Yup. I’m getting morbid on you. Chris and I have very detailed wills. They outline what to do in lots of situations. What happens if we both die? Who gets the kids? Who is the executor? What are our health directives? It’s all there. Before we leave on big trips, we double check to make sure everything is still the way we want it and we call my mom to remind her where the information is. We don’t do it because we are morbid, we do it because the last thing I want my loved ones worrying about when dealing with loss is trying to figure out what to do with my kids or my house or my car. You should have this in place NOW but you should regularly revisit to make sure it’s accurate. Travel is a good reminder to double check.

The post Long Distance/Long Term Travel and Finances appeared first on Blogging Away Debt.

Original Source: bloggingawaydebt.com

A reader writes:

Recently, my boss started attending personal therapy (she shared this information with me unprovoked) and shortly after starting her sessions she discovered Brene Brown. Her interest in Brene has moved from simply showing a video during a group meeting to having us all read through one of her books.

My concern comes from the fact that in addition to reading the book as a team, we now have a weird “group therapy” sort of session weekly where we’re expected to have done some homework (reading and completion of “exercises” in the workbook).

In addition to these meetings, every day each team member fills out and completes this short survey:
-Name
-Feeling
-Intensity of feeling
-High point
-Low point
-Daily goal

It ends up looking something like this (names changed, as it’s one of my coworker’s recent posts):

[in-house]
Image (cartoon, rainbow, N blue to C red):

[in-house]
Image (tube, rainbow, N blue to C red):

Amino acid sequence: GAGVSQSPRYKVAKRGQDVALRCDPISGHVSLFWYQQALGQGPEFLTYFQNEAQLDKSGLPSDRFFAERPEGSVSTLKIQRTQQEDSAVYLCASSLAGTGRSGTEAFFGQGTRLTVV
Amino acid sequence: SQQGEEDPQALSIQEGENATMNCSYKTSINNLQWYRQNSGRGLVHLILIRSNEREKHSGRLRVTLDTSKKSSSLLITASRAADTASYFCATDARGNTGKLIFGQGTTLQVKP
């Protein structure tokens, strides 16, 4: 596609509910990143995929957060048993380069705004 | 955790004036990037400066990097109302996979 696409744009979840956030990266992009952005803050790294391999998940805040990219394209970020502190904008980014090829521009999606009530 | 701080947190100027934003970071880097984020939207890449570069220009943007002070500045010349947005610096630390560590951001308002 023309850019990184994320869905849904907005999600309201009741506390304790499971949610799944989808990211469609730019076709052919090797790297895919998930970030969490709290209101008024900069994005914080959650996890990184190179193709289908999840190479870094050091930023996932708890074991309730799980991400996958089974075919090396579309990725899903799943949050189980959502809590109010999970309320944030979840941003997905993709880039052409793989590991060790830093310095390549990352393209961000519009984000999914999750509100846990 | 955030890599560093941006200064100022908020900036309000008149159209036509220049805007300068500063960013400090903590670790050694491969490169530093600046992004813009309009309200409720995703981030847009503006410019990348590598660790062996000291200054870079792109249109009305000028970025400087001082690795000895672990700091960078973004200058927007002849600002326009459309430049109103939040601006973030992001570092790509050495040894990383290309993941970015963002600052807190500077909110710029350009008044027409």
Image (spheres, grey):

JANE DOE
Feeling: Exhausted
Intensity of feeling: 10
Low point: INFANT’S NAME is crying at the bottom of the stairs while I’m in the office. He barely slept last night, his croup is awful and I feel like a crap mom.
High point: Meh
Goal: Make a dent in the Brene Brown book. I did make my Square Squad!

In addition to just feeling like this is generally weird, I have a personal problem with this as someone who has a mental health disorder. Reading this book has triggered sessions of me profusely crying out of nowhere, and having flashbacks of abuse. (I have a C-PTSD diagnosis due to an abuse history.) There is not a single person on our team who has any sort of psychology/social work type of degree either.

Am I being weird about this just because of my own personal experiences? Or is this type of task expectation at work normal, accepted, okay?

No, this is not normal! It’s not okay either.

That said, in the past two years I’ve received a small handful of letters about offices doing things like this (to the point that I wrote a Slate column about them at one point), so something is going on in our culture that’s making some managers think this is okay. But I want to be clear that just because your office isn’t absolutely alone in doing this, it’s still not common, normal, or acceptable, and most people would object to it.